In an article that has circulated widely this week, Scott Atran and Nafees Hamid argue that an aggressive military response is precisely what ISIS was hoping to provoke with their attack on Paris last Friday. The authors suggest that unless European governments attend to the dire social conditions that produce young, disaffected Muslims throughout Europe, peace is very far off. Check out an except below, or read the whole article on blog of the NY Review of Books:
As our own research has shown—in interviews with youth in Paris, London, and Barcelona, as well as with captured ISIS fighters in Iraq and Jabhat an-Nusra (al-Qaeda) fighters from Syria—simply treating the Islamic State as a form of “terrorism” or “violent extremism” masks the menace. Dismissing the group as “nihilistic” reflects a dangerous avoidance of trying to comprehend, and deal with, its profoundly alluring mission to change and save the world. What many in the international community regard as acts of senseless, horrific violence are to ISIS’s followers part of an exalted campaign of purification through sacrificial killing and self-immolation. This is the purposeful violence that Abu Bakr al-Baghdadi, the Islamic State’s self-anointed Caliph, has called “the volcanoes of Jihad”—creating an international jihadi archipelago that will eventually unite to destroy the present world to create a new-old world of universal justice and peace under the Prophet’s banner.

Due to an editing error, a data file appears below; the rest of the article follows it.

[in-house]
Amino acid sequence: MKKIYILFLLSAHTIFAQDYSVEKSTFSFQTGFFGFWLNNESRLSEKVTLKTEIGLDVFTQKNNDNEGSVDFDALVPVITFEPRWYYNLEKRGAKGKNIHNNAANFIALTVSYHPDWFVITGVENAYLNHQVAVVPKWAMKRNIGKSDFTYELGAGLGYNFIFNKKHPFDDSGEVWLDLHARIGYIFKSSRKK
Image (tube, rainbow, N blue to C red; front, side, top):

Indeed, ISIS’s theatrical brutality—whether in the Middle East or now in Europe—is part of a conscious plan designed to instill among believers a sense of meaning that is sacred and sublime, while scaring the hell out of fence-sitters and enemies...
Today, France has one of the largest Muslim minorities in Europe. French Muslims are also predominantly a social underclass, a legacy of France’s colonial past and indifference to its aftermath. For example, although just 7 to 8 percent of France’s population is Muslim, as much as 70 percent of the prison population is Muslim, a situation that has left a very large number of young French Muslims vulnerable to absorbing radical ideas in prison and out. Within this social landscape, ISIS finds success. France has contributed more foreign fighters to ISIS than any other Western country.
Image: An Islamic State flag in Sadiyah, Iraq, November 2014. Via NY Review Daily.